Kevin White might be done for the season with a stress fracture in his leg.
But how did doctors come to the decision to perform surgery on the Bears' first-round pick?
Dr. Charles Bush-Joseph of Midwest Orthopedics at Rush explained how an injury like this is typically treated.
"With his diagnosis, which is a stress fracture of the tibia, the primary treatment is always non-operative. You let them rest, give them every chance to heal," Bush-Joseph said. "So I'm sure that in this situation, (White's doctors) prescribed electrical stimulation and all these non-operative things we have for treating stress fractures, but at the end of the day, it's either going to heal or it's not. And if it doesn't heal, then you've got to surgically intervene, and if you surgically intervene, the player's typically out for an extended period of time, anywhere from eight to 12, 14 weeks."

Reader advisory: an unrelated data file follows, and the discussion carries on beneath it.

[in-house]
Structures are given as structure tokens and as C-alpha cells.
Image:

That's a lot of weeks.
So is there any chance White could get on the field this season? According to Bush-Joseph, it would need to be a pretty good season for the Bears in order for that to happen.
"If the Bears have a great season and we're playing Week 18, Week 19, Week 20, yeah he may be able to contribute," Bush-Joseph said. "But if the season's over at Week 17, then it's better off not risking the 2016 season. Shut him down, let him train in the offseason, let him slowly build up a stamina and slowly build up strength in that bone so that this doesn't happen again."
White tweeted Sunday that his surgery was successful.
Successful surgery. Thanks to my family, the bears organization, friends and the fans that's supporting me. I Can't wait to get back!!
— Kevin White (@mrkevinwhite) August 23, 2015